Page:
ST. GEORGE – Community and faith leaders gathered Thursday morning for a National Day of Prayer breakfast that brought members of many different faiths together for breakfast, singing and prayers. The event was held at the Gardner Ballroom on the Dixie State University campus.
“I was just so impressed by attending the Interfaith Council Prayer breakfast this morning,” keynote speaker Fraser Bullock said, “because it’s so unique from anything else I’ve ever seen anywhere to have the community of 19 different faiths come together.”
Bullock served as chief operating officer of the Salt Lake City Olympics and is a co-founder of Sorenson Capital.
“They’re all diversified – diverse in terms of their backgrounds and beliefs but they’re unified in purpose of having unity of the community and to strengthen our community and bring peace to our community and around the world,” Bullock said.
“It is one of the best things I’ve ever seen,” Bullock said.
The National Day of Prayer is celebrated on the first Thursday in May, Tim Martin said. Martin is secretary of the St. George Interfaith Council and a member of the public affairs council for The Church of Jesus Christ of Latter-day Saints.
“St. George is now joining the rest of the nation in doing that,” Martin said. With 400 people and 19 different religions, the local event may be unique in the nation, he said.
“It’s just very exciting that we can all be together, especially at this time of dissension, sometimes, in our nation. This is just a wonderful time for us to come together.”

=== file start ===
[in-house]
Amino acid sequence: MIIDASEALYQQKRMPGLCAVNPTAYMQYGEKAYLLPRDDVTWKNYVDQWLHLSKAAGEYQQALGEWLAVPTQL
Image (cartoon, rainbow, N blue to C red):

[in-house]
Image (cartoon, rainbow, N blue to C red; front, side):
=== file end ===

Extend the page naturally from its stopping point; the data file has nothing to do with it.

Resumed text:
The event is important for several reasons, Martin said. “One is, it recognizes the importance of prayer, not just today but in the history of our nation.”
The event is also an opportunity for the community to come together, he said.
“Everyone here has wonderful friends and neighbors who are not of their faith,” Martin said, “and that’s so important in today’s world that we recognize that we don’t all have to be the same anything to be good friends and to work together.”
“It’s a great event and a wonderful opportunity for many different religious traditions to come together,” said Rev. Michael Chamness of the Shepherd of the Hills United Methodist Church.
“And I think the best part of it is knowing that we don’t necessarily agree on the methods in the way we do things, we do agree on the heart that stands behind so many things,” Chamness said.
“It’s important because it allows us to see the many different facets of our community, religiously,” Chamness said.
St. George News media reporter Sheldon Demke contributed to this report.
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